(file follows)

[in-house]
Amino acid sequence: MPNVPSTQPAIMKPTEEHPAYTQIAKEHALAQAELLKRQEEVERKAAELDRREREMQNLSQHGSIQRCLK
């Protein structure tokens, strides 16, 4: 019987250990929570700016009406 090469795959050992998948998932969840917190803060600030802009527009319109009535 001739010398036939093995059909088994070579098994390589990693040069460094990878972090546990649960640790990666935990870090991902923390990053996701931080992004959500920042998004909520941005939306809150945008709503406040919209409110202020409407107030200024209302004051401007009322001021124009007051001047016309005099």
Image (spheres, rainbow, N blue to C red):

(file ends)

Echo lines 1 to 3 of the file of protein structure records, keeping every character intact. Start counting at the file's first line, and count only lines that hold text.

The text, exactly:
[in-house]
Amino acid sequence: MPNVPSTQPAIMKPTEEHPAYTQIAKEHALAQAELLKRQEEVERKAAELDRREREMQNLSQHGSIQRCLK
């Protein structure tokens, strides 16, 4: 019987250990929570700016009406 090469795959050992998948998932969840917190803060600030802009527009319109009535 001739010398036939093995059909088994070579098994390589990693040069460094990878972090546990649960640790990666935990870090991902923390990053996701931080992004959500920042998004909520941005939306809150945008709503406040919209409110202020409407107030200024209302004051401007009322001021124009007051001047016309005099």